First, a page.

Monthly Archives: June 2004

Sweet Suffering Madness And Confusion

Okay, yeah, so I didn’t say anything yesterday. And I don’t have much time to say anything to-night, as it’s five minutes to midnight…! *grin* Yeah, I know, I forgot again. Who asked you, anyhow? At least I’m trying! What are you doing with your spare time and energy?

How’s that for a cryptic title, by-the-by? Yes, it does mean something. No, I don’t have time to explain. Deal.

I did a KAOS volume yesterday and have just finished another to-night. That takes me up to 38 and I’m now thinking of stopping at 48 or earlier. I don’t want to rely on too many obscure tracks on the last few disks–I need to keep up the over-all level of recognition and radio-friendly quality in order to make them seem a contiguous whole. These two seem to play well, but I’ll leave that to the jury.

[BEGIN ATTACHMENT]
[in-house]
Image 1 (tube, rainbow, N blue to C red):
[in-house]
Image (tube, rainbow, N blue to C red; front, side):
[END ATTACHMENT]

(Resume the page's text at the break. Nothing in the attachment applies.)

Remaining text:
To-morrow morgen I might be meeting my pop for breakfast, provided Bear-Cat is not too sick. He’s getting old (16) and quite sickly, and pop is determined to keep him alive for as long as possible. I can’t say I blame him; I wish I’d done more for Missie in her last year. She got old at a time in my life when I was too distracted by learning to work and deal with people professionally and wotnot, and I just did not spend enough time with her. No time for regrets, though.